IMC 2016: Sessions

Session 305: Mappings, II: Representing Spices, Towns, and Roads on Regional Maps

Monday 4 July 2016, 16.30-18.00

Organisers:Felicitas Schmieder, Historisches Institut, FernUniversität Hagen
Dan Terkla, Department of English, Illinois Wesleyan University
Moderator/Chair:Daniel Syrbe, Geisteswissenschaftliches Zentrum für Kultur & Geschichte Ostmitteleuropas e.V. (GWZO), Universität Leipzig
Paper 305-aCloves, Cardamom, and Cartography: The Influence of the Spice Trade on Portolan Maps
(Language: English)
Kevin E. Sheehan, Library & Heritage Collections, Durham University
Kevin E. Sheehan, Library & Heritage Collections, Durham University
Index terms: Economics - General, Geography and Settlement Studies, Maritime and Naval Studies
Paper 305-bEtzlaub's Romweg Map and Its Representation of Central European Roads
(Language: English)
Tomáš Klimek, Manuscriptorium Digital Library, National Library of the Czech Republic, Praha
Tomáš Klimek, Manuscriptorium Digital Library, National Library of the Czech Republic, Praha
Index terms: Geography and Settlement Studies, Local History, Manuscripts and Palaeography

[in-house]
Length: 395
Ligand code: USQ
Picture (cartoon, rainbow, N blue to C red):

Paper 305-cMapping Destroyed Towns
(Language: English)
Daniela Schulte, Historisches Seminar, Universität Zürich
Daniela Schulte, Historisches Seminar, Universität Zürich
Index terms: Geography and Settlement Studies, Historiography - Medieval
Abstract

‘Representing Spices, Towns, and Roads on Regional Maps’ falls under the ‘Mappings’ rubric that comprises it and another sessions in a proposed series that aims to advance studies in the history of cartography. Medieval maps are not only an interesting object of research but can be – but rarely actually are – used as sources for all sorts of historical questions beyond the cartographical focus. At the same time, medieval authors used different genres to map events, contexts, and consequences. The three papers in this session concentrate on different forms mappings: regional maps existing from the Middle Ages such as portulan maps and ‘road’ maps, and medieval chronicles that combine the spatial and temporal features usual for medieval maps that can be used to map medieval contexts.